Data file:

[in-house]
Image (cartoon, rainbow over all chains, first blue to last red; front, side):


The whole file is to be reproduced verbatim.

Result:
[in-house]
Image (cartoon, rainbow over all chains, first blue to last red; front, side):